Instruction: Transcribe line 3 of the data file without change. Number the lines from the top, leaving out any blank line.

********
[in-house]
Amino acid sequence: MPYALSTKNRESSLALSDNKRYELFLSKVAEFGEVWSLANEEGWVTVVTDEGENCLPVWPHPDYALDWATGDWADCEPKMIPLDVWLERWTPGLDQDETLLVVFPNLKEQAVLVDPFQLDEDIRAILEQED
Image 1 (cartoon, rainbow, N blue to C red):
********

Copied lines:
Image 1 (cartoon, rainbow, N blue to C red):